Victoria’s not-so-secret bottom line? The brand’s sales are declining. Whether the result of having narrowed their focus to lingerie and beauty (so long, swim and apparel), or perhaps the alienation that comes with VS’s refusal to feature models who are larger than sample size—things aren’t exactly angelic beyond the lacy gates.
Through the stasis, we assumed the lingerie giant was set in retaining its specific and uncompromised brand identity at all (literal) costs—but Victoria’s Secret’s latest collection has us rethinking everything.
While the brand isn’t about to hire a model whose thighs touch (God forbid), VS’s new line shows us a different side of the company—one that’s less concerned with originality and more interested in, um, stealing their competitors’ ideas … ?
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OK, “stealing” might be harsh, but it’s difficult to look at VS’s new “Logo Mania” collection and not feel a tinge of sartorial déjà vu. The line features simple, solid-colored garments with block print waistbands and bra straps reading the well-known brand name from hem to hem.
Cool idea, no? Well, it was … when Calvin Klein introduced it. As Business Insider pointed out, CK underwear has seen a resurgence in popularity in the past few years (same-store sales were up 4 percent at the end of 2017), so it’s no surprise that others would want to cash in on their idea.
That being said, is the copycat branding enough to warrant legal ramifications? According to Jeff Trexler, Associate Director at Fordham Law School’s Fashion Law Institute, a legal claim would be something of a stretch.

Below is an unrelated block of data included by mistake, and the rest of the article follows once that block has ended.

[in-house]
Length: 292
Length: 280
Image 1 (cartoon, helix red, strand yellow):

“Victoria’s Secret does not appear to be copying the logo itself, nor does there appear to be any copying of a garment design protected by copyright or a design patent, at least from what I can see from the material depicted on the ad,” he told InStyle.
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Fashion Law Institute Founder and Director Susan Scafidi echoed that sentiment, explaining, “The battle of the (waist)bands appears more likely to play out in the court of public opinion than in a court of law. The underwear styles are certainly similar, but clothing designs generally have little protection under U.S. law—and even in a jurisdiction with design protection such as the E.U., it’s likely that these would be considered generic.”
Ultimately, there’s not much Calvin Klein can do. “PVH [Calvin Klein’s parent company] may reasonably suspect that VS is attempting to come between the millennial customer and her Calvins, but unless VS were to use the CK logo, the company has little legal recourse.”
She adds that “underwear that taps into both the new logomania and post-#MeToo, body-positive empowerment should feel authentic—and consumers may question the message conveyed by knockoff knickers.”
So, as “uncool” as it is knock off a brand’s signature style, Victoria’s Secret is legally A-OK to do so. The true backlash, if any, will present itself in the company’s sales.
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